POINTE DU RAZ - Brittany's wild west The western tip of Brittany is a wild and mythical place. Each of the rocks overlooked by the high, windswept cliffs, has a name. In good weather the Ile de Sein can be seen from the statue of Notre-Dame-des-Trepasses, which overlooks the sea. The Pointe du Van and Bay des Trepasses - the Van headland and the bay are not as popular with tourists but are no less attractive. The Bay des Trepasses (trespass bay) has a fine, curving beach of pebbles and sand, and the lost city of Ys is said to lie in the waters of the bay. At low tide, caves in the rocks are exposed, and these can be explored.
AUDIERNE AND ITS BAY - dunes, birds and surfboarding
Audierne is a small, busy port with traditional Breton houses and brightly coloured boats which come in and out with the tides of the Goyen estuary. Audierne is a real find, as its charms have yet to be discovered by mass tourism. Take time to explore the upper town with its narrow streets, tiny shops and old houses.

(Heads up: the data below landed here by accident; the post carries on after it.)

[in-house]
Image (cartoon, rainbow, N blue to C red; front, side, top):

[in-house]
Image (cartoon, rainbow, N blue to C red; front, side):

A trip to the Ile de Sein - about 1.5 miles west of the town is the large Audierne beach which faces south, has a marina, a watersports club and the Saine-Evette pier, from where there are sailings for the Ile de Sein.
ILE DE SEIN
“Like a flat plate lying on the water with enough pepper (courage) to blot out the sun.” This is how the poet Georges Perros described the Ile de Sein. The island looks totally unlike the other islands off Brittany, and one is almost afraid to go there and disturb the environment. Throughout history, its inhabitants, who number only 350 or so out of season, have distinguished themselves by their courage. They earn their livelihood by fishing and from growing potatoes, and they are extremely tenacious, if only to resist the elements. This makes them all the prouder to be Senans, the French name for Sein islanders.